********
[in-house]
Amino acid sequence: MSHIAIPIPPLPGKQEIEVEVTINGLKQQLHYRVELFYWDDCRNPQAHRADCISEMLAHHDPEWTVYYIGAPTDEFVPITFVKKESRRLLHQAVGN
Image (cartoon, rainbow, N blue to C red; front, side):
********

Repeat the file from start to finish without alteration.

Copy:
[in-house]
Amino acid sequence: MSHIAIPIPPLPGKQEIEVEVTINGLKQQLHYRVELFYWDDCRNPQAHRADCISEMLAHHDPEWTVYYIGAPTDEFVPITFVKKESRRLLHQAVGN
Image (cartoon, rainbow, N blue to C red; front, side):